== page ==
Welcome to All In, where we sit down with some of the most inspiring people in the wellness industry to find out how they got their start, their successes and their struggles, and their top advice for aspiring entrepreneurs. Up next: the co-founder of Modo Yoga (formerly Moksha Yoga).
Fourteen years ago, Jess Robertson was getting ready for a career in conflict resolution when she started teaching yoga. Inspired by the practice’s ability to heal not just physically but mentally, she had an epiphany that yoga was her true calling. Along with her business partner Ted Grand, she opened Moksha Yoga in Toronto which changes its name on November 1 to Modo Yoga, meaning “a place for all.” Fourteen years and more than 80 studios later, she lets us in on a few of the secrets of her success.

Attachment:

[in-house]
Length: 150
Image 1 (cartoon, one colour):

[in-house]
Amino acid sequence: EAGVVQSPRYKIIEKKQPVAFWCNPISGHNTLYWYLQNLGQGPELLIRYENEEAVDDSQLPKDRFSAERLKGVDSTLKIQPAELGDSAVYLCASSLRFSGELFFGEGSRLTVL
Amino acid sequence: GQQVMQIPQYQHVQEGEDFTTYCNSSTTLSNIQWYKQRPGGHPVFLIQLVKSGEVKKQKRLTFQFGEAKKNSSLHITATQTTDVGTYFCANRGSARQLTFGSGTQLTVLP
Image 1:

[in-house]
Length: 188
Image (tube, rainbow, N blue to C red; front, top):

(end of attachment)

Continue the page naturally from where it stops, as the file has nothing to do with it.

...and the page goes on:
What were some of your early challenges running Modo?
What comes to mind is that we’ve always been challenged by this omniscient, accepted and somewhat predatory business phrase: “It’s just business.” We teach yoga which is a practice that fundamentally teaches not just postures, but how to be a good person. But in business “it’s just business” can mean – be a jerk, and that’s just the norm. As best as we possibly can, we try to apply the teachings of non-harming, truthfulness and other yoga principles to our business, even when it’s challenging.
Our early challenges involved coming to the realization that just because we were acting with integrity, didn’t mean that we would receive the same in return. The earliest challenges involved schooling ourselves to be kind and also keeping our eyes open to when we need to trust a little less, setting boundaries, and acting preventatively to protect against people taking advantage of our default-to-kindness approach.